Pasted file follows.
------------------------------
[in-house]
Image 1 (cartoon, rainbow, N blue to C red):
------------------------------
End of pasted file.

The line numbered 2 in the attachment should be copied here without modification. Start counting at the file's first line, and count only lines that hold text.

Image 1 (cartoon, rainbow, N blue to C red):